The next generation of wireless applications requires tunable or reconfigurable components to realize multifunctional RF systems. In current broadband RF systems, filtering dominates size and cost.1,2 These filters are not tunable and hence limit the usable frequency range of most RF front-ends. An alternative to the use of static filters located before or after the power amplifier is a reconfigurable PA, which can be difficult to design for high performance. A multiband PA with narrow bandwidth was achieved by employing a tunable T-section or π-section interstage matching network whose structure is a bandpass filter. These topologies transform the impedances to intersect with high Q-factor contours on the Smith chart, resulting in narrower bandwidth.3

Integrating the tunable impedance matching network into the interstage of the amplifier has several advantages. The rapid impedance variation provided by the first and second amplifier stages results in a narrow bandwidth. The resistance in the lower-Q tuning inductors also helps to stabilize the second amplifier stage. Exploitation of interstage mismatch loss is used for gain equalization to compensate for the gain roll-off of the active devices used in stages 1 and 2. The reflections in the interstage are acceptable because they allow the input and output of the amplifier to be conjugately matched. Also, by including the tunable matching network into the interstage of the PA, the resulting switch and inductor losses do not affect the input noise figure or output power of the amplifier. Finally, when multiband operation is required, a reconfigurable amplifier requires less die space than many single-band amplifiers typically used in the conventional approach.

A CMOS PA, described in the literature,4 also uses the interstage for tuning purposes. However, each tuning state has a broad bandwidth and considerable gain fluctuation. In an earlier work,3 a reconfigurable power amplifier with a tunable interstage matching network was realized by using a two-stage MMIC PA and discrete components for the interstage matching network. The devices are placed on a three-layer prototype board with 50 Ω lines with dimensions of 4 cm × 5 cm. The MMIC PA is located at the center of the board and 25.4 μm diameter gold wire bonds are used to connect the bond pads on the die to the board microstrip line runners. The input and output matching networks were kept fixed while the switching function of the interstage matching network was implemented using a Skyworks AS204 SP4T switch.

At higher frequencies, the size of discrete components becomes large compared to the wavelength and the surface-mount components (SMT) can self-resonate or the parasitic effects begin to dominate. Electromagnetic coupling and parasitic effects from the prototype board become more evident, which cause difficulties in the design process. Therefore, the results from the earlier discrete design suggest that a MMIC implementation of the tunable interstage matching network becomes necessary for higher frequency operation.3 This is due to fewer parasitics being present and better control over component values in the MMIC implementation.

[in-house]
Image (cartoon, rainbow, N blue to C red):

In this article, a reconfigurable power amplifier fabricated using three MMICs is described. The two-stage PA occupies a single MMIC die and the tunable interstage matching network occupies two MMIC die. GaAs FETs are used in the design to provide the switching function instead of varactor diodes or MEMS switches. Varactor diodes have limited linearity and low power handling capability, while MEMS switches are high cost and require a high DC supply voltage. These components cannot be realized monolithically and lead to larger circuit size and higher cost. Therefore, GaAs FETs are used to perform switching in the interstage matching network.

MMIC Design Methodology

The reconfigurable PA, including the MMIC tuner design, can be used for applications covering GSM, CDMA, Bluetooth and WiMAX for frequencies from 0.9 to 2.4 GHz. Circuit design and DC analysis were performed using the Agilent Advanced Design System (ADS).

Figure 1 Simplified schematic of the interstage matching network.

Circuit Design andSmall-signal Performance
The first step in the design is the selection of the first- and second-stage BJTs, including biasing and ballast networks, and input and output matching for 1 to 2 GHz operation. This initial design uses simple high-pass and low-pass L-section matching networks for the input and output. A blocking capacitor is used in the interstage and some resistive loading is used to improve stability. The output impedance of the first-stage amplifier (Z1) and the input impedance of the second-stage amplifier (Z2) were then calculated. Figure 1 shows the π-section impedance matching network used in the interstage. This network has a bandpass response. Impedance matching using a Smith chart was used to determine the initial components values.

Figure 2 Impedance matching transformation using a Smith chart.